the ship into the harbor and to the dock.
When a ship sails a pilot is onboard to navi-
gate it safely back out to open water.
A pilot can also be a device to show the
way in other endeavors. For example, many
airplane kits have pilot holes drilled in components. When the pilot holes are lined up
the components are correctly in place.
In the late 1800s France was the hotbed
of aviation, and people
were flying all sorts of
machines. A descriptive term for the
people who operated
these aircraft was
needed, so aviator,
from the French
avia-teur, was coined.
Pilots were guiding
ships in to and out of
harbors, but aviators were
Aviator was commonly used even after
the Wright brothers and others developed
airplanes. Flying was a unique activity, to
say the least, and it must have made sense
to use a new and unique term to describe
the people who operated aircraft.
simply a pilot.
Nobody knows for sure when the term pilot
began to become synonymous with aviator,
but I think it may have happened in the
1920s and ’30s when governments began to
license and regulate aviation. Maritime
pilots were already certified so it probably
made sense, when it came to creating a
licensing system for aviators, to call those
people pilots, too. Many of the operational
techniques and standards we use in aviation
trace their routes to maritime traditions
and standards, so the idea of a captain being
in command, or a pilot in command, made
sense in aviation.
But aviator continues to have a broader
meaning than pilot. For example, it would
be correct to call a navigator or flight engineer or bombardier an aviator. I also think
it is a compliment to call a pilot with well-rounded and broad experience an aviator,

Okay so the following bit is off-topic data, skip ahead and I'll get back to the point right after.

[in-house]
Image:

something more than simply a pilot.
The U.S. Navy never shelved the term
aviator and continues to call its pilots naval
aviators and flying activity naval aviation.
Perhaps that is because the Navy was using
pilots for hundreds of years before the first
airplane flew and wants to emphasize the
difference between maritime navigation
and flying. I’m sure some naval aviator will
set me straight on the real reason.
Of course there
are several other
terms for a pilot.
The military typi-
cally calls the PIC
the aircraft com-
mander. If you were
called the pilot on a
space shuttle, you
were actually the
copilot to the com-
mander. There is a
Then we have instructors and examin-
ers who are also pilots in their own right,
but we don’t usually refer to them as
pilots. For many years large airplanes
carried a flight engineer who was most
often also a pilot, but they were called
FEs, not pilots.
My point is that flying titles are
sliced and diced in all manner of ways,
but there is one term that describes anyone qualified to participate in the safe
and effective operation of any type of
aircraft, and that is aviator. We all hold
different pilot certificates and ratings,
but if we are good at what we do in an aircraft, we are aviators, and that’s what I
have always wanted to be.
I think it is a compliment to
call a pilot with well-rounded
and broad experience an
aviator, something more than
J. Mac McClellan, EAA 747337, has been a pilot for more
than 40 years, holds an ATP certificate, and owns a Beechcraft Baron. To contact Mac, e-mail firstname.lastname@example.org.